If you’re not doing something because you imagine the harsh criticism that could come your way, or if your joy and full expression is diminished because like me, you hold in your head what the skeptic would be saying about your work, ask yourself: how would I behave if I knew that voice was really, truly not in the room?

And then do that.



P.S. If you are thinking of joining us for a course or training program this year, be sure to check out our recent post about what’s coming up in 2017 HERE so you can plan ahead and sign up to get early information on programs you’re interested in.

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Want Clarity on Your Purpose?

While I’m caring for my new baby, I’m sharing some favorite posts from the past few years. This is one of them – enjoy!   ~ Tara


Want Clarity On Your Purpose?

You can listen to this post in audio, too. Click the player to download an mp3 file, or you can read below …


Doing the work I do, I’m often in conversation with people about this question: What is my purpose?

My answer, my conviction, is this: we all have the same life purpose.

We have it by dint of being born on earth.

Our purpose is to create more love and light on this planet that is a dense and tangled mix of light and dark, love and fear.
Our purpose is to repair what is broken, to heal what is wounded here.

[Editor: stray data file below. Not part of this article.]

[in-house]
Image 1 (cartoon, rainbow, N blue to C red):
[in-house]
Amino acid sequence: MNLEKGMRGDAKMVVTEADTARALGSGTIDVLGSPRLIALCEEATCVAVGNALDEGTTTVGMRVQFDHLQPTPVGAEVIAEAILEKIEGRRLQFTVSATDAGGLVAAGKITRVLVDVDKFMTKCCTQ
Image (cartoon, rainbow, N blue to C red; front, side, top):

Our purpose is to make this place a little more worthy of the souls that inhabit it.

There are as many ways to do that as there are moments, and we don’t have to find our one big way, or our right way, before we start living that purpose.

We can each live that purpose in whatever job we are doing today, whatever circumstances we are in today.

I’ve written about this idea before here. But today I want to delve into one aspect of it, one I’ve been thinking about a lot lately: how that purpose is our shortcut to joy.

Watching my son play when he was around 9 months old pretty much debunked for me the contemporary California-y spiritual notion that we should be able to be perfectly content in the stillness, in the emptiness, just witnessing our breath.

I watched him – always reaching for the next object, in love with novelty and stimulation of all forms. I watched him work intently on challenges that he devises – how to get the shoe in the basket, how to clank the two cups together, how to pull the lid off the container. In him, I see so clearly how much we are wired to problem-solve, to work with purpose, with a goal. When he fell into focus intently working on one of those problems, with none of the squeals or screeches that come with boredom, I saw in him the part of all of us that is so content when we are absorbed in a puzzle, a project, a problem.

What I want to suggest to you today is that there is one grand puzzle that we are all here to solve and that is always available for our devotion. When we become devoted to it, we have found our shortcut to joy.

It is the problem of how to light a candle in the darkness.